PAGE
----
Done at the City of Washington, this fifth day of June, in the year one thousand nine hundred and three.

(L.S.) MICHAEL H. HERBERT. (L.S.) JOHN HAY.

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No. 197. EXCHANGE OF NOTES BETWEEN GREAT BRITAIN AND THE UNITED

STATES AS TO THE RECIPROCAL PROTECTION OF TRADE-MARKS IN CHINA.

June 28, 1905.

(No. 1.)
Mr. Rockhill to Sir E. Satou.

American Legation, Peking, China,
Mr. Minister aud dear Colleague,

June 28, 1905. THE Acting Secretary of State of the United States has informed me in an instruction dated April 17, 1905, that you have been authorized by your Government to enter into a reciprocal agreement with me for the mutual protection of trade-marks registered in the United States and Great Britain against infringement in China by the citizens or subjects of our respective nations, and he has given me authority to effect with you by an exchange of notes an agreement for the reciproca protection of American and British trade-marks in China.

In pursuance of the general agreement reached between our respective Governments on the subject, it affords me much satisfaction to agree on behalf of the Government of the United States, that henceforth trade-marks of British subjects, having been duly registered in the United States of America, will be protected against infringement by such persons as come under the jurisdiction of the United States' Consular Courts in China, in which effectual provision exists for the punishment of such infringements by American citizens.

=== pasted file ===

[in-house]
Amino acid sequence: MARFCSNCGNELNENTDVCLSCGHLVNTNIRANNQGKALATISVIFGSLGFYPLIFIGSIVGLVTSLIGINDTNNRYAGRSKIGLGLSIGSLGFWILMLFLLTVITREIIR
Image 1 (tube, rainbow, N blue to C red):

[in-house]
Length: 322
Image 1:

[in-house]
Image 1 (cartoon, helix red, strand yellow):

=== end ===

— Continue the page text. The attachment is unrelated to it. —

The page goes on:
I have, &c. (Signed) W. W. ROCKHILL.

(No. 2.)
Sir E. Satow to Mr. Rockhill.

Mr. Minister and dear Colleague, Peking, June 28, 1905.

I HAVE the honour to acknowledge the receipt of your letter of this date, informing me that you have been authorized by your Government to effect with me by an exchange of motes an agreement for the reciprocal protection of American and British trade-marks.

I beg to thank you for this communication and to assure you that it affords me much satisfaction to enter into this reciprocal agreement, and henceforth protection will be afforded in China by His Britannic Majesty's Supreme Court for China and Corea and the Provincial Courts to trade-marks of citizens of the United States which have been duly registered in Great Britain in conformity with “The Patents, Designs, and Trade-marks Acts, 1883 to 1888."

At the same time it appears necessary to mention that the consent in writing of His Majesty's Minister or Chargé d'Affaires must be obtained on each occasion, which consent will be given as a matter of course in consequence of the assurance contained in your note under reply that effectual provision exists for the punishment in the United States' Consular Courts in China of infringement, by such persons as come under the jurisdiction of those Courts, of the trade-marks of British subjects which shall have been duly registered in the United States of America.

I have, &c. (Signed) ERNEST SATOW.